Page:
Energy-based platforms have been studied and used to treat uterine fibroids for more than 20 years. These efforts have led to the development of a wide range of minimally invasive devices to improve patient symptoms equivalent to or better than other traditional treatment methods, such as myomectomy or hysterectomy.
Thermal ablation devices treat the fibroid by heating the tissue. This heating is accomplished by converting energy, usually electrical or light, into intracellular mechanical energy that creates heat within the cells of the target tissue. This heating process causes necrosis of the target tissue, which causes the fibroid to shrink.
The idea of ablating fibroids with energy was originally referred to as myoma coagulation or myolysis. It was initially performed using a laser to deliver energy to the fibroid during laparoscopy or hysteroscopy. The procedure evolved when the bipolar radiofrequency needle electrode was developed. The bipolar electrode was initially used in 1993 by Gallinat and Lueken. However, while the laser and bipolar methodologies demonstrated good efficacy, they did not find widespread acceptance. There were concerns within the surgical community regarding postoperative complications due to adhesions, the time it took to complete the procedure and the ability to clearly identify the targeted tissue.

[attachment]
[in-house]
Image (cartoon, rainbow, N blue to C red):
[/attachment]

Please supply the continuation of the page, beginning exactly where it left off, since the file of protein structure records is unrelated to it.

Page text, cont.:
Recent advances in RF ablation, such as the Acessa™ System, have helped address these concerns. The Acessa™ Handpiece incorporates an electrode array, which creates a time- and temperature-controlled ablation zone. The size of the radiofrequency volumetric thermal ablation (RFVTA) is dependent on the size of the fibroid. At its simplest level, this electrical energy is used to create heat in the surrounding tissue and destroy diseased cells.
 S. Jones et al, Radiofrequency Ablation for Treatment of Symptomatic Uterine Fibroids, Obstetrics and Gynecology International, Volume 2012.